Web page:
Clearly, it is time for this aged version of Toyota's Entune infotainment system to hit the road, Jack.
Storage and Space
Overall, the Tundra feels spacious, oversized even. However, by modern full-size pickup truck standards, the Tundra's interior storage spaces fall short. In particular, the center console area is space inefficient, featuring 3 cupholders and an oversized shifter but only two small and shallow trays for holding items.
Equipped with rear seat cushions that fold up, the Tundra CrewMax supplies plenty of locked and covered cab space behind the front seats, combined with a 5.5-ft. cargo bed accessed via an easy lower-and-lift tailgate.
Visibility and Safety
Increasingly, the Tundra is getting left behind other full-size trucks when it comes to driver-assistance and collision-avoidance technologies.
Aside from a reversing camera, front and rear park-assist sensors, and a blind-spot warning system with rear cross-traffic alert, the Tundra is not available with increasingly common modern safety systems. This truck's buyers can't even get Toyota's Safety Connect subscription services, which includes automatic collision notification and SOS emergency calling.
Outward visibility is fine, though the reversing camera and parking sensors come in handy on a regular basis. This truck does take some acclimation time, though, especially with regard to parking.
The Tundra's crashworthiness isn't terribly impressive, either. The federal government's National Highway Traffic Safety Administration (NHTSA) gives the Tundra a 4-star (out of a possible 5) rating, mainly due to 4-star scores for both the driver and front passenger in a head-on collision. Choose 4WD to reduce the risk of rollover. The rear-drive Tundras are rated 3 stars in this regard, while the 4WD models get 4 stars.
Meanwhile, the Insurance Institute for Highway Safety (IIHS) rates the Tundra as "Marginal" in the small overlap offset frontal crash-test and gives the truck an "Acceptable" rather than "Good" rating for roof-crush strength. The headlights are rated "Poor."
Though it is thirsty, I like Toyota's 5.7-liter V-8 engine. Thanks to 381 horsepower at 5,600 rpm and 401 lb.-ft. of torque at 3,600 rpm, it's got impressive thrust, and it sounds terrific. The 8-speed automatic transmission is well matched here, and when you need maximum power it eagerly kicks down to deliver. It also holds lower gears for ascending and descending mountain grades.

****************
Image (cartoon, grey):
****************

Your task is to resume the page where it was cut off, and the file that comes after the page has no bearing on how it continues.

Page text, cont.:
Toyota was first to adopt official SAE J807 towing standards, but now that all trucks adhere to them, the Tundra's 10,500-lb. limit comes in a ton short of the segment leader. Maximum payload of 2,080 lbs. comes up short by more than half a ton. In this respect, the Tundra clearly shows its age.
Not only does the Tundra fall short in terms of towing and hauling, it gets abysmal gas mileage. According to the EPA, the test truck should have returned 15 mpg in combined driving. On the test loop, it got 13.8 mpg, and after a week of driving had mustered no more than 13.5 mpg.
Out on the road, sharper impacts reveal the Tundra's decade-old age in the form of structural shudder. It is faint, but perceptible, especially in comparison to, say, a Ford F-150. Nevertheless, like other full-size 4WD trucks, the Tundra pummels lousy pavement into submission. The plastic-laden cabin does rattle a bit over the worst surfaces.
On center, the steering is fine, resolutely pointing the truck down narrow, arrow-straight farm roads with an expected bit of play. Braking is stout, the pedal feeling completely natural underfoot, and handling is decent, the truck carrying more speed than might be expected in gentle bends and well-banked curves.
That said, you still need to keep speed down in sharper, flatter corners. The tires aren't up for having much fun, and the steering feels too light and eager to return to center. This rubbery feel to the steering wheel is the least pleasing aspect of driving the truck.
Off-road, the truck's size limits capability more than anything else. The Tundra tackled a narrow trail lined by instantly flammable grasses, one that I took only because I knew I wouldn't need to execute a turn or reverse at the end. It also effortlessly traversed deep ruts and descended an angled dirt grade with a rut at the bottom. Engaging 4WD is as simple as twisting a knob.
One of the Tundra's unique features is a rear window that powers down, creating a huge open space to the cargo bed. When you lower the rear window, open the sunroof, open all of the windows, and cruise along the beach, the Tundra feels much like a convertible.
It is time for Toyota to completely redesign the Tundra. This full-size truck cannot match segment leaders in terms of towing, hauling, fuel economy, and safety ratings. It is also unavailable with a modern infotainment system, the latest in convenience features and technologies, and increasingly important driver-assistance and collision-avoidance systems. The cabin needs more storage and better materials, too.
Reliability is a Tundra highlight, and the truck comes with free scheduled maintenance for the first two years of ownership. Comfort is decent, the control layout is useful, and the air conditioning blows ice cold. I'm also a big fan of the power rear window.
Still, this handful of positive attributes cannot outweigh the lengthening list of negative attributes as the old truck continues to age.
Toyota Motor Sales, U.S.A. supplied the vehicle used for this 2017 Toyota Tundra review.